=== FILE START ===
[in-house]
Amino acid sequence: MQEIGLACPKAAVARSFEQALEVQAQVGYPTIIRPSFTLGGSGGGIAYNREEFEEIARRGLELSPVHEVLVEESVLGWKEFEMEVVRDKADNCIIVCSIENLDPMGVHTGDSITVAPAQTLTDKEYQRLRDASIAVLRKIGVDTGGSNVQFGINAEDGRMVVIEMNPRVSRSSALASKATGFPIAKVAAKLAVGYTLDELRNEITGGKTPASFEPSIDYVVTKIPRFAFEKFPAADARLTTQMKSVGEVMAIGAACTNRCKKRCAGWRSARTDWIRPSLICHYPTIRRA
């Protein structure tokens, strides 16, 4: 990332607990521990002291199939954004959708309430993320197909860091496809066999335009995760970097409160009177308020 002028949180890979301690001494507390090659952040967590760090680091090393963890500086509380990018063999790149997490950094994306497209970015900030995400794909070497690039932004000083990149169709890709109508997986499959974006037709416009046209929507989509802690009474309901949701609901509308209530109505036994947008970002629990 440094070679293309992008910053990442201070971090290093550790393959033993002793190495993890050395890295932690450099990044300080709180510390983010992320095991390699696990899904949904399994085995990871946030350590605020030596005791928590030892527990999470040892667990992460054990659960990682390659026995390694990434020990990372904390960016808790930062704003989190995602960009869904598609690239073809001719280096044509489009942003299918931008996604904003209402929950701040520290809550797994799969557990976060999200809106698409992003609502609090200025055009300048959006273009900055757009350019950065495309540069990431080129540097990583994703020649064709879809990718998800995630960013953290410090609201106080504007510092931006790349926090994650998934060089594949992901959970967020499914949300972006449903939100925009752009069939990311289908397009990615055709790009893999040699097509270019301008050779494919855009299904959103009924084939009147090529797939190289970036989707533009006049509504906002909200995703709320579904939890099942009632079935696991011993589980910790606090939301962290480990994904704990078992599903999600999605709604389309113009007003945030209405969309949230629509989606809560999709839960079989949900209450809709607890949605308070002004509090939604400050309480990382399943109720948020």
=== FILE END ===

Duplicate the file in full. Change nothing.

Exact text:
[in-house]
Amino acid sequence: MQEIGLACPKAAVARSFEQALEVQAQVGYPTIIRPSFTLGGSGGGIAYNREEFEEIARRGLELSPVHEVLVEESVLGWKEFEMEVVRDKADNCIIVCSIENLDPMGVHTGDSITVAPAQTLTDKEYQRLRDASIAVLRKIGVDTGGSNVQFGINAEDGRMVVIEMNPRVSRSSALASKATGFPIAKVAAKLAVGYTLDELRNEITGGKTPASFEPSIDYVVTKIPRFAFEKFPAADARLTTQMKSVGEVMAIGAACTNRCKKRCAGWRSARTDWIRPSLICHYPTIRRA
């Protein structure tokens, strides 16, 4: 990332607990521990002291199939954004959708309430993320197909860091496809066999335009995760970097409160009177308020 002028949180890979301690001494507390090659952040967590760090680091090393963890500086509380990018063999790149997490950094994306497209970015900030995400794909070497690039932004000083990149169709890709109508997986499959974006037709416009046209929507989509802690009474309901949701609901509308209530109505036994947008970002629990 440094070679293309992008910053990442201070971090290093550790393959033993002793190495993890050395890295932690450099990044300080709180510390983010992320095991390699696990899904949904399994085995990871946030350590605020030596005791928590030892527990999470040892667990992460054990659960990682390659026995390694990434020990990372904390960016808790930062704003989190995602960009869904598609690239073809001719280096044509489009942003299918931008996604904003209402929950701040520290809550797994799969557990976060999200809106698409992003609502609090200025055009300048959006273009900055757009350019950065495309540069990431080129540097990583994703020649064709879809990718998800995630960013953290410090609201106080504007510092931006790349926090994650998934060089594949992901959970967020499914949300972006449903939100925009752009069939990311289908397009990615055709790009893999040699097509270019301008050779494919855009299904959103009924084939009147090529797939190289970036989707533009006049509504906002909200995703709320579904939890099942009632079935696991011993589980910790606090939301962290480990994904704990078992599903999600999605709604389309113009007003945030209405969309949230629509989606809560999709839960079989949900209450809709607890949605308070002004509090939604400050309480990382399943109720948020």